Destiny. To believe that a life is meant for a single purpose, one must also believe in a common fate. Father to daughter, brother to sister, mother to child. Blood ties can be as unyielding as they are eternal. But it is our bonds of choice that truly light the road we travel. Love versus hatred. Loyalty against betrayal. A person's true destiny can only be revealed at the end of his journey, and the story I have to tell is far from over.
”
”
Emily Thorne
β€œ
When you take the step towards your dreams you will be met with fears because you have never traveled this way before. As you go, you will discover that you had nothing to fear. Through overcoming your fears you give those that follow you hope that if they pursue their dreams, they will achieve their dreams.
”
”
E'yen A. Gardner (Detox 21: 21 day cleansing of the soul)
β€œ
Travel is very useful and it exercises the imagination. All the rest is disappointment and fatigue. Our own journey is entirely imaginary. That is its strength. It goes from life to death. People, animals, cities, things, all are imagined. It’s a novel, simply a fictitious narrative.
”
”
Louis-Ferdinand CΓ©line
β€œ
They traveled deep into far-flung regions of their own country and in some cases clear across the continent. Thus the Great Migration had more in common with the vast movements of refugees from famine, war, and genocide in other parts of the world, where oppressed people, whether fleeing twenty-first-century Darfur or nineteenth-century Ireland, go great distances, journey across rivers, desserts, and oceans or as far as it takes to reach safety with the hope that life will be better wherever they land.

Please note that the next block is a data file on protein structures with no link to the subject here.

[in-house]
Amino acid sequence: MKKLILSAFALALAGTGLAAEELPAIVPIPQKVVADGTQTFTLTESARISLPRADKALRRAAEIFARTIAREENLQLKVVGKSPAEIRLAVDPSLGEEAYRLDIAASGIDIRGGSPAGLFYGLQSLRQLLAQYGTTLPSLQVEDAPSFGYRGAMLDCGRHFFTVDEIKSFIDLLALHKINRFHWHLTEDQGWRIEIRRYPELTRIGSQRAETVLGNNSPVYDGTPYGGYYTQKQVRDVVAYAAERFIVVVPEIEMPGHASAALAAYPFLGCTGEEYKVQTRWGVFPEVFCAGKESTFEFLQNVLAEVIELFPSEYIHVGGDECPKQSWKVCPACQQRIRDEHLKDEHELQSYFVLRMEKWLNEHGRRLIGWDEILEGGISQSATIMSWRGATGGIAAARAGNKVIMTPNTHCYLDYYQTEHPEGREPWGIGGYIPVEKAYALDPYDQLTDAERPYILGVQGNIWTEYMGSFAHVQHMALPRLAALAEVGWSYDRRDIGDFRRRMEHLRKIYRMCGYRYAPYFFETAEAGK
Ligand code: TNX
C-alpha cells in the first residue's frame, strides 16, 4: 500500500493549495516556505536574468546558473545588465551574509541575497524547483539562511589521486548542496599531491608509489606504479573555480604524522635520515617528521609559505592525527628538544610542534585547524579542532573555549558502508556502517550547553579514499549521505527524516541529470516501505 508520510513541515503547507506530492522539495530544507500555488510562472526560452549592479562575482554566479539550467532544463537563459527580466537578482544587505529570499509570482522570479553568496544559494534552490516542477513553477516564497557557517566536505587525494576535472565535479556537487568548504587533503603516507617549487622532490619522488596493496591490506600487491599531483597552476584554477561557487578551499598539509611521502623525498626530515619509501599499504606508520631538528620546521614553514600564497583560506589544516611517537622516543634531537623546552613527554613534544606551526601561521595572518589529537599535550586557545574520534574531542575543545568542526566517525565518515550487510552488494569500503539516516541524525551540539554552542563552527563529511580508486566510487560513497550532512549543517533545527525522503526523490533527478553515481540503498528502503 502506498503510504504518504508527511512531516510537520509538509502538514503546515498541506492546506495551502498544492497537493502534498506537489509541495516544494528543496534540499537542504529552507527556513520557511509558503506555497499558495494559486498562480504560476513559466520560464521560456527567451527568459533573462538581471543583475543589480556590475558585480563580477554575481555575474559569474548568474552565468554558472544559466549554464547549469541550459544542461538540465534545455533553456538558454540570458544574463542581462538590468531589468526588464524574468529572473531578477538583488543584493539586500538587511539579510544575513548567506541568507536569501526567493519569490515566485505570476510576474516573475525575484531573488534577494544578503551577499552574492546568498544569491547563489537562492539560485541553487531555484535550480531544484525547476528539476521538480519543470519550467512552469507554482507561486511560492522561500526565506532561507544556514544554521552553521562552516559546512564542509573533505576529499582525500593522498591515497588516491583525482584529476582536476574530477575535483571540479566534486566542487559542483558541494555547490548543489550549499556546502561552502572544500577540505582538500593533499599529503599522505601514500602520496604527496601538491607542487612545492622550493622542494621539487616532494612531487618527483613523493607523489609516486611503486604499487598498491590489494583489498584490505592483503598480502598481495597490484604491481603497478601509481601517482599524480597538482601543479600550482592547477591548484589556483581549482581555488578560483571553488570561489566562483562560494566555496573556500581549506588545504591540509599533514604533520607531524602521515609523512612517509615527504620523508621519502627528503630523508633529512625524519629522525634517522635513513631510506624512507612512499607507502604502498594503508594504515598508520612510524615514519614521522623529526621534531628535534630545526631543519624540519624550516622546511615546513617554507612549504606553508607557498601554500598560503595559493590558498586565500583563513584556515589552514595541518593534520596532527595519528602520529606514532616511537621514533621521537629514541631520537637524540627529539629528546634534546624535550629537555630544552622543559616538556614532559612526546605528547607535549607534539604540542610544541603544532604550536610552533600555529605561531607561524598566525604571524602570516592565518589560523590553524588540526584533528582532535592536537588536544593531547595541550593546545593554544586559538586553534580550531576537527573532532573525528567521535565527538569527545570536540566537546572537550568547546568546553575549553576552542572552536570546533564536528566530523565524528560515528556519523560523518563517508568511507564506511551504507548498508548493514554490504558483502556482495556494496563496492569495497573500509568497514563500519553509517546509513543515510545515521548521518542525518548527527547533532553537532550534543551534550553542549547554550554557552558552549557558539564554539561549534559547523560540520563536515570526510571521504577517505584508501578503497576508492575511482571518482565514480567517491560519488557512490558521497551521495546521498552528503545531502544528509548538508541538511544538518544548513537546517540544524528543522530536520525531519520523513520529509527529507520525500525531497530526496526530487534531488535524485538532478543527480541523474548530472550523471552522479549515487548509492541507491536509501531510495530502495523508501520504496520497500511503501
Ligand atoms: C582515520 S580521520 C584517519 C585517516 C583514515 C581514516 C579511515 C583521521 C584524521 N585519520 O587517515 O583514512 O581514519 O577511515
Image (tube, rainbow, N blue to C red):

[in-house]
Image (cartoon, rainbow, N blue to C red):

”
”
Isabel Wilkerson (The Warmth of Other Suns: the Epic Story of America's Great Migration)
β€œ
December stillness, teach me through your trees That loom along the west, one with the land, The veiled evangel of your mysteries. While nightfall, sad and spacious, on the down Deepens, and dusk embues me where I stand, With grave diminishings of green and brown, Speak, roofless Nature, your instinctive words; And let me learn your secret from the sky, Following a flock of steadfast-journeying birds In lone remote migration beating by. December stillness, crossed by twilight roads, Teach me to travel far and bear my loads.
”
”
Siegfried Sassoon
β€œ
I felt as though I owned the whole world. And little wonder, because at no time are we ever in such complete possession of a journey, down to its last nook and cranny , as when we are busy with preparations for it. After that, there remains only the journey itself, which is nothing but the process through which we lose our ownership of it. This is what makes travel so utterly fruitless.